The EU, Rehn said, must "avoid overstretching our capacity, and instead consolidate our enlargement agenda." But this, he stressed, does not mean stopping at the "big bang" enlargement of May 2004, when the EU admitted 10 countries, including eight from formerly communist Eastern Europe.
"It means focusing on southeast Europe, now and in the foreseeable future," Rehn said. "We first have Romania and Bulgaria, second the Western Balkans," or former Yugoslavia, he said, "and third Turkey."
"This is already a challenging agenda for our accession process," said.
The EU last year agreed to start admission negotiations with Turkey, the country that has generated by far the most heated debate about enlargement. Opposition to Turkish membership has surged over the last year in tandem with fears among citizens of the older EU states that the recent arrivals from Eastern Europe would encroach on their jobs.
Despite the commission's determination to forge ahead with the enlargement plans, Rehn indicated a willingness to compromise on timing.
"We do not hesitate to recommend postponement if one or two of the countries are clearly unprepared for accession," he said in remarks pointing at Romania and Bulgaria.
If enlargement remains on its current schedule, those two countries have only 11 months to deal with pervasive corruption, organized crime, human trafficking, and judicial reform.
Bulgaria's foreign minister, Ivaylo Kalfin, was told in Brussels on Tuesday that the authorities in Sofia had to do more to tackle these problems if they wanted a green light for January admission from EU leaders when they meet next June.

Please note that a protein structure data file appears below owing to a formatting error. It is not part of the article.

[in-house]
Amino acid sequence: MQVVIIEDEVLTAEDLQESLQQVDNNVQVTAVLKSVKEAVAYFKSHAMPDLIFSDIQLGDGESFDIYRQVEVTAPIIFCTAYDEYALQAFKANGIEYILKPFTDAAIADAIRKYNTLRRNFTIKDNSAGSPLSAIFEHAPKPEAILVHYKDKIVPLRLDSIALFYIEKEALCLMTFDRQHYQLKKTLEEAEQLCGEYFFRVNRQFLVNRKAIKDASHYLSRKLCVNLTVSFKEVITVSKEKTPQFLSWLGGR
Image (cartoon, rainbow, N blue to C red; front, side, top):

So far, EU member states have never stopped the enlargement process or delayed admission of countries due to join, even if they were not entirely ready. But the climate has changed, with public opinion in several countries blaming the 2004 enlargement for the bloc's current economic malaise.
Rehn rebutts those arguments.
"We certainly have some enlargement blues - or call them unemployment blues, or globalization blues," he said. "But enlargement should not be made a scapegoat for Europe's domestic policy failures."
If anything, he said, the admission of the East Europeans has sparked a lively debate about Europe's relations with Ukraine and Russia, as well as challenging old economic structures wedded to labor inflexibility.
"The new member states, thanks to their economic and democratic transition, are much more open to facing the challenges of globalization and other current transformations," he said.
Rehn acknowledges, however, that each enlargement also brings more pressure on Brussels to open the door further. Each enlargement means new members want their neighbors to join as well. Poland and Lithuania, which supported Ukraine's Orange Revolution of December 2004, have already pressed the EU into offering Ukraine the prospect of membership. And when Romania joins, it is expected to start lobbying for Moldova.
"Once Bulgaria and Romania join the EU, I am sure our competences and interest in the Black Sea will be enhanced," Rehn said. "I don't think this is negative. It is positive because the European Union reinforces stability and democracy inside its own borders, and that reflects stability and democracy to its neighbors."